Reuters US Domestic News Summary

Following is a summary of current US domestic news briefs.

Confessions, books and peep shows: Drive-throughs help Americans amid coronavirus outbreak

Father Scott Holmer sat on a chair in his church's parking lot in Bowie, Maryland on Friday, administering confession to worshippers car by car, at times leaning forward as he struggled to hear them from the six-feet distance imposed by social distancing rules. After the Catholic church of St. Edward the Confessor had to close its doors due to the coronavirus outbreak, Holmer said he got the idea of offering drive-through confessions after learning about South Korea's drive-through testing.

Californians ordered to stay home; New York pleas for urgent help to fight coronavirus

Nearly 40 million Californians have been ordered to stay at home as part of efforts to slow the spread of the coronavirus and New York's mayor on Friday renewed his pleas for U.S. President Donald Trump to mobilize the military for additional medical personnel and supplies. The pandemic has already upended life in much of the country, shuttering schools and businesses, prompting millions to work from home, forcing many out of jobs and sharply curtailing travel.

Completion of 2020 U.S. Census extended into August amid coronavirus pandemic

The 2020 U.S. Census, the decennial tally that helps determine political representation and federal aid, will be extended by two weeks, a census official said on Friday, as the coronavirus wreaks havoc on the bureau's ability to send workers into the field. In a call with reporters on Friday, Tim Olson, the U.S. Census Bureau's field operations director, said completion of the bureau's door-knocking campaign would extend from July 31 to Aug. 14.

Panama reports 200 coronavirus cases, up sharply from previous day

Panama has confirmed 200 coronavirus cases, up from 137 a day earlier, the country's health minister told reporters on Friday.

Trump blasts media as anxious Americans come to grips with coronavirus pandemic

U.S. President Donald Trump on Friday capped a tumultuous week as Americans faced sweeping life changes and massive Wall Street losses amid the fast-spreading coronavirus outbreak by turning to a familiar playbook: attacking the media. In a contentious press briefing, the Republican president lashed out at an NBC reporter who noted Trump's tendency to put an optimistic spin on the situation and asked what his message was to the American people who may be scared.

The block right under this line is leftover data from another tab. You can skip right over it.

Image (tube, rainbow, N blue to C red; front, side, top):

Progress in U.S. coronavirus economic stimulus talks amid major disagreements: Schumer

Negotiations on a possible $1 trillion coronavirus economic stimulus bill were moving ahead, but agreement by a deadline at midnight on Friday deal was becoming elusive with several major issues dividing congressional Republicans and Democrats, Senate Democratic Leader Chuck Schumer said. Speaking to reporters as a night negotiating session was due to begin, Schumer said that "with many issues outstanding," he hoped lawmakers and the Trump administration "could come to agreements tomorrow."

New York hair and nail salons to shut, but booze deemed 'essential'

Looking for liquid courage to help you survive the pandemic? Rest assured, New York will permit liquor stores to remain open, even as Governor Andrew Cuomo on Friday ordered non-essential businesses to close to help slow the spread of the coronavirus. Many bars in New York City have already been shuttered since Tuesday, when Mayor Bill de Blasio ordered all restaurants and night life to close except for takeout and delivery.

U.S. may convert thousands of New York hotel, college rooms into care units

The U.S. Army Corps of Engineers is looking at converting more than 10,000 New York rooms, potentially in hotels and college dorms, into medical care units to help address the fast-spreading coronavirus, the commanding general of the Army Corps said on Friday. The pandemic has upended life in much of the United States, shuttering schools and businesses, prompting millions to work from home, forcing many out of jobs and sharply curtailing travel.

'I'm going to keep working': Grocery clerks unlikely heroes in U.S. coronavirus fight

For Philip, a grocery store clerk, it's not a matter of if he gets coronavirus, but when. He is among millions of supermarket employees who have been classified as critical U.S. workers at "essential businesses" that will stay open to prevent disruption in food supply.

Member of U.S. Vice President Pence's office tests positive for coronavirus

A member of U.S. Vice President Mike Pence's office has tested positive for the coronavirus but neither President Donald Trump nor Pence have had close contact with the individual, Pence's press secretary Katie Miller said in a statement on Friday. Miller said Pence's office was notified on Friday evening about the positive test. The statement did not name the individual. "Further contact tracing is being conducted in accordance with CDC guidelines," she said, referring to the Centers for Disease Control and Prevention.